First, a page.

Why and How is Krishna Janmashtami celebrated

  • Know in brief why and how is Krishna Janmashtami celebrated.


Krishna naam sohi jaaniye, Jo aakarshan kar le, bhaktan ke chit kheench kar charan kamal dhar le’. ‘You must know that the name Krishna denotes one who attracts, pulls the hearts of devotees and places them on His lotus feet’.


‘Krishna’ means ‘all-attractive’. ‘Krishna’ originates from the Sanskrit word ‘Krsna’, meaning, ‘black’, ‘dark’, or ‘dark blue’. One who makes the entire Creation experience Ananda is Krishna. Waning moon is called Krishna Paksha, meaning the dark fortnight. In Mahabharata (Udyoga-parva, 71.4) it is stated that, the word ‘krish’ is the attractive feature of the Lord’s existence and ‘na’ means spiritual pleasure. When ‘krish’ is added to the affix ‘na’ it becomes Krishna indicating the Absolute Truth.


Janmashtami is a festival to celebrate the Krishna avatar. It is a sacred and auspicious day in Sanatana Dharma as people celebrate the birth of ‘Sri Krishna’ on this day, the eighth avatar of Lord Vishnu. Krishna appeared on earth, at midnight, around 5,000 years ago in Dwapara Yuga in Mathura, on thе еighth day (Ashtami Tithi) of thе dark fortnight (Krishna Paksha) in thе month of Bhadrapada according to Hindu lunar calendar. (Panchaang) 

Born to Devaki and Vasudeva, nurtured by Nanda and Yashoda, Lord Vishnu descended as Krishna to appease His devotees, who were severely harassed by demoniac forces. This day is also called ‘Krishnashtami / Krishna Jayanthi / Gokulashtami’. 

Krishna came to teach humanity the true meaning of Dharma (righteousness), the significance of Karma (action) and to enlighten the path of Bhakti (Devotion). Krishna comes for protection of the good, destruction of evil and establishment of Dharma.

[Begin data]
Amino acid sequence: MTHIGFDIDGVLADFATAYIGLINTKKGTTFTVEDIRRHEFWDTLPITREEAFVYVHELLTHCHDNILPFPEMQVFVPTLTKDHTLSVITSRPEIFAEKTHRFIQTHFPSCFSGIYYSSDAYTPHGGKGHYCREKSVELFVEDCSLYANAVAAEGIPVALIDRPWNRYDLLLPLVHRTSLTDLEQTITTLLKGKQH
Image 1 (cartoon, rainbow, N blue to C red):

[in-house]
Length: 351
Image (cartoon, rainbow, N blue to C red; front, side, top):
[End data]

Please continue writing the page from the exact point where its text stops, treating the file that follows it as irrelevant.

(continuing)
Devotees believe that residents of Gokul were waiting for a baby’s news from Yashoda’s home and hearing that she was unconscious, they prayed and fasted. When news came that a boy was born, residents broke their fast. Following that tradition, devotees fast on this sacred day. Unlike other fasts which are broken the next day at sunrise, Janmashtami fast is broken at midnight at the appearance of Krishna. Fasting is done as per one’s health allowances. Some devotees do not drink even water from sunrise till midnight.

Read  About different types of fasts  


In most Hindu homes, Baal Gopala or Krishna murtis are worshipped. On Janmashtami, families gather to bathe their murtis with water, milk, curd, honey. Baal Gopala is pampered with new clothes, flowers, garlands and jewellery.  Krishna is then placed in a decorated paalna/jhoola. Bright lights are lit, glowing handicrafts are hung, incense sticks are lit, tulasi leaves are offered to Krishna, puja is done, Vishnu sahasranaam is recited. Women decorate their homes with paper lights.  Prasada is prepared; Sweets are made at home or bought from shops for Krishna. Prasada is distributed among members the next day after Gopala is born.


Some people even bring milk-cake for Gopala and sing their version of the birthday song, “Rangeen gubbaaron se mandap sajaaya hai, mishree maave ka ek cake mangaaya hai, isko chakhega shyaam tu, tu, tu, hum sab bolenge happy birthday to you.”  “The mandap has been decorated with colorful balloons, a cake made of sugar candy has been ordered, it will be tasted by Shyam, you, you, you, we all will sing, happy birthday to you, you, you.” 


Temple managements organise tableaus depicting various leelas of Krishna.